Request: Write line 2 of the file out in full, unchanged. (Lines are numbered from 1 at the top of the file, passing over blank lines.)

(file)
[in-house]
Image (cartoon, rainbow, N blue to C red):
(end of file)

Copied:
Image (cartoon, rainbow, N blue to C red):